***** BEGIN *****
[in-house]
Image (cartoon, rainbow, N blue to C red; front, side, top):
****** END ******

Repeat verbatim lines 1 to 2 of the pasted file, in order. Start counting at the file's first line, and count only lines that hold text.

[in-house]
Image (cartoon, rainbow, N blue to C red; front, side, top):